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I WAS THERE:

I WAS THERE: RIDING RYUYO

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In 2007, Suzuki invited Bike magazine’s Simon Hargreaves to its private test track at Hamamatsu in Japan to ride the new GSX-R1000 K7 with its test riders. In the latest instalment of our 'I was there' series, Simon re-lives that experience.

Photos: Chippy Wood, courtesy of Bike Magazine.

Imagine the fastest, bumpiest, scariest place to ride a bike flat stick. Imagine a 1.5-mile straight, gently undulating, peppered in a variety of lumps and ripples specifically designed to expose any hint of high-speed instability. Or a lightly banked 120mph right-hander with a concrete wall tapering up to the edge of the track just as the camber flattens out. Or a blind-entry left-hander taken throttle on the stop, in top gear on a GSX-R1000, knee gently skimming the tarmac as the engine burbles off the rev limiter... again with no run-off, only a line of tall conifers waiting to collect the pieces. Sounds terrifying... but, well, it sounds kinda fun, too.

Of course, it’s not an imaginary place: this is Ryuyo, Suzuki’s test track just outside Hamamatsu – and back in February 2007 I was lucky enough to be invited here to ride the new GSX-R1000 K7, on the circuit at which it was developed and tested.

Aside from being a hugely exciting prospect, it was also an enormous privilege. Ryuyo is home not just to Suzuki’s test track, but also (in 2007) their racing R&D facilities; engineering workshops, dynos, special test chambers – this is where Suzuki’s MotoGP and World Superbike engines were developed. So Ryuyo isn’t exactly open to the public, much less nosy motorcycle writers.

And so it was a fairly chilly morning, pre-dawn, when I was bundled from a hotel into the back of a black sedan like some clandestine spy mission, and driven down increasingly narrow back streets until we arrived at the circuit gates to be met by a burly security guard. Signed in and through the gates, we pitched up at a small hut; as the darkness lifted, I could see ‘Suzuki Pit House’ on the outside. Inside, lights flickered on to reveal a pair of GSX-R1000s. Suzuki staff, engineers and two test riders materialised from nowhere for a briefing. I was hoping ‘Don’t crash it’ was high up the agenda.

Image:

The Suzuki staff explained that Ryuyo is four miles long, with a 200mph, 1.5-mile straight, a first gear hairpin, two 120mph corners, a set of 80mph S-bends, and the hair-raising flat-in-top, 180mph plus left-hander. None of the turns have run-off. At best, twenty feet separates the edge of the track from a token tyre wall; behind that is either trees or concrete. It’s a proper bottle job.

The circuit had been Suzuki’s test track for a long time – it was designed in the early Sixties by Japan’s only-ever TT winner, the late, great, Mitsuo Itoh, when Suzuki’s booming bike-manufacturing business convinced them of the need for a dedicated test track. So pretty much every Suzuki road bike you or I have ridden has seen action at Ryuyo: every GSX-R, the Hayabusa, SV650 and 1000, RGV250, RG500, all the Bandits, the TLs, GSXs and GSs going back into history – even the 1974 rotary RE5 was developed and tested at Ryuyo.

But instead of getting down to their usual rota of testing, on this particular morning Suzuki test riders Murata-san and Nakashima-san were tasked with chaperoning me around the place for a few laps. Lucky them.

As we warmed up the GSX-Rs, I asked a few questions to ease my nerves: both had joined Suzuki to become test riders from college; neither had previous racing experience. Murata-san, who’d been a test rider for 16 years, first tested a GS500 here; Nakashima-san’s first bike at Ryuyo was a VX800. An ordinary testing day starts with exercise to warm up before they get stuck into a pre-set test programme for each bike, with up to 50 tests to complete, whatever the weather.